Apostolos P. Georgopoulos: Next U president needn't be an outsider

  • Updated: July 10, 2010 - 6:26 PM
The search for a new president of the University of Minnesota is on.

Following a meeting of the Board of Regents in May, the Star Tribune reported that Bill Funk of R. William Funk & Associates, the consulting firm leading the search, said: "I would like to have the opportunity to recruit sitting presidents." Recruiting a president from elsewhere is apparently the goal of the firm. I trust it is not the goal of the search committee.

The committee's goal should be to get the best possible person for the job. A person with proven leadership, who has mastery of the unique complexity of this university, who is an effective communicator within and outside the university, who is a champion of academic values and a successful fundraiser, and who is fair and accessible to everyone.

Is getting a sitting president the gold standard to strive for? Not necessarily. Recent presidential appointments at major universities (Duke, Ohio State, Iowa, Wisconsin-Madison and Purdue) were not sitting presidents. And of all appointments during the past 40 years at several top-notch academic institutions (Johns Hopkins, Harvard, Yale, Massachusetts Institute of Technology, Stanford and the University of Chicago), none was a sitting president. The success of a president does not depend on a previous presidency.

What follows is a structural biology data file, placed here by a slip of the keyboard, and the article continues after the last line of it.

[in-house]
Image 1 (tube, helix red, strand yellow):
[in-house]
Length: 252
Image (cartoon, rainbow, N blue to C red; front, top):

As reported recently in the Harvard Business Review, "CEOs who were promoted from inside the company tended to have stronger performance than those brought in from the outside." There is plenty of talent here that could and should be tapped before the search committee is lured astray by preconceived notions about sitting presidents or glamorous outsiders. The likelihood is indeed high that the best person for the job already exists within the university. Current university officials are of the highest quality and are most familiar with the unique complexity of our university and the challenges we face. With a leader from inside the university, we would hit the ground running, rally behind the new president and stay the course to propel the university to the top.


The writer is a professor of neuroscience at the University of Minnesota.

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